Smiles rearrangement

What is Smiles rearrangement?

Henriques first reported the reaction in 1894, which was later explored by Smiles in 1930. The Smiles rearrangement is an intramolecular nucleophilic substitution that occurs on an aromatic system with an activating electron-withdrawing group present at the ortho– or para-position to the reaction center attached to a heteroatom.

Smiles rearrangement - general reaction scheme
Smiles rearrangement
  • W, W’ = NO2, SO2R, W =Cl
  • X = NH, O, S, SO, SO2, C(O)O, etc.
  • YH = OH, NHR, SH, CH2R, CONHR, etc. (see list of acronyms)

During this process, an aromatic ring migrates from the heteroatom binding to the reaction center to a more nucleophilic heteroatom, and hence it is commonly referred to as the Smiles rearrangement. Truce developed a comparable rearrangement via a carbon nucleophile, called the Truce-Smiles rearrangement. Moreover, a photochemical Smiles rearrangement initiated by photo irradiation was reported in 1970, and is known as the photo-Smiles rearrangement.

In the Smiles rearrangement, the two carbon atoms connecting to the two heteroatoms before and after the rearrangement are usually part of the aromatic system, but they may also be part of an aliphatic component. The leaving heteroatom or group can be O, S, SO, SO2, etc., and the attacking nucleophile can be the conjugate base of OH, NH2, CONH, SO2NH, etc., while the electron-withdrawing group is typically nitro or sulfonyl. However, it has been observed that a moderate electron-withdrawing group such as chloro can also activate the Smiles rearrangement. Steric hindrance due to a substituent at a particular position in the aromatic ring may facilitate the Smiles rearrangement as well. Even electron-donating solvents such as THF have a positive effect on increasing the rate of the Smiles rearrangement.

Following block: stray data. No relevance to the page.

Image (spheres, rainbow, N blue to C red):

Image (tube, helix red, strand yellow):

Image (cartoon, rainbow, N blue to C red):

For example, the rearrangement of N-(2-hydroxyethyl)aryloxyacetamide to N-2-hydroxyethyl aniline can be accelerated by alkoxide, which is much faster than the rearrangement of corresponding simple primary amides or n-alkyl secondary amides under similar conditions.

The photo-Smiles rearrangement can also be accelerated by the addition of base, such as triethylamine, as demonstrated in the rearrangement of 2-(4-nitrophenoxy)-N-phenylethylamine to N-phenyl-N-(4-nitro-phenyl)-ethanolamine.


  • Henriques, R., Ber., 1894, 27, 2993
  • Warren, L. A. and Smiles, S., J. Chem. Soc., 1930, 956
  • Levy, A. A.; Rains, H. C. and Smiles, S., J. Chem. Soc., 1931, 3264
  • Evans, W. J. and Smiles, S., J. Chem. Soc., 1935, 181
  • Evans, W. J. and Smiles, S., J. Chem. Soc., 1936, 329
  • McClement, C. S. and Smiles, S., J. Chem. Soc., 1937, 1016
  • Matsui, K.; Maeno, N. and Suzuki, S., Tetrahedron Lett., 1970, 1467